However, as Polyphemos attacked the ship with rock, Odysseus again made to yell back to the beast. Around him, his crew muttered, “‘Godsake, Captain!/Why bait the beast again? Let him alone!’” (Book 9, Lines 537 - 538) All the crew wanted was to get out safely. They realized that Odysseus needn’t “bait the beast again.” They ask “Captain!, Why” for they see Odysseus is merely being cocky. Yet, Odysseus ignores them and respond to the monster by shouting “Kyklops,/if ever mortal man inquire/how you were put to shame and blinded, tell him/Odysseus, raider of cities, took your eye:/Laertes’ son, whose home is Ithaca!” (Book 9, Lines 548 - 552) Odysseus makes a very large tactical mistake; he tells Polyphemos’ that his is “Odysseus … Laertes’ son.” Odysseus demonstrates recklessness and selfishness because he wishes to take credit for “put[ing] Polyphemos to shame”.
Agamemnon’s taking of Briseis enrages Achilles and spurs him to remove himself from the war, leading to a massive death toll in the Achaean forces. In stealing Briseis from Achilles, he is not only robbing of him of a material prize, but also a symbol of honor, his geras, in Greek culture. In retaliation, Achilles removes himself from the war and prays to his mother, Thetis, that she will ask Zeus to damage the Achaean forces. Achilles’ only goal is that “even mighty Atrides can see how mad he was to disgrace Achilles” (1.488-490). Despite having no true grievance against the Achaean army as a whole, Achilles’ rage blinds him from the potential harm that may befall his troops.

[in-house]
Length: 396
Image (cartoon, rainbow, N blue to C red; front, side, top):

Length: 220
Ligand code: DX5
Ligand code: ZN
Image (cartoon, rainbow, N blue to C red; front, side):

He would have his vengeance, that much was for certain, but he 'd have to be cautious in his approach. Unfortunately, if not Athena, the rest of the Olympians would likely mutilate him if he attempted to kill Odysseus, though a mere mortal hardly deserved the honor of being slain by him anyway. Such acts were beneath him, the lord of earthquakes and the sea, and besides, it was far more fun to torment his quarry rather than kill him outright. However, manipulating the sea on which Odysseus and his men were so conveniently situated at present, or encouraging a few sea monsters, perhaps...such tactics held merit, and Poseidon felt very pleased with himself for concocting such a plan. Although his main domain was the sea, Athena could not reasonably hold him responsible for all that lurked in it—after all, no one, not even a god, could be everywhere at once.
The Ancient Greek practice of “xenia” is highly valued, and in Homer’s The Odyssey the practice of “xenia” is vital to receive good one’s fate. For example, the cyclops, Polyphemus, does not value “xenia”, so instead of welcoming Odysseus and his crew, the monster decides to eat the men. As a consequence, he lost his sight, which was primarily from Polyphemus 's blatant disregard for the Ancient Greek practice. His fate could have easily been avoided if he had not eaten his visitors. Another example is when Nestor of Pylos and Menelaos of Sparta are both hospitable towards Telemakhos, granting him whatever he pleases on his quest.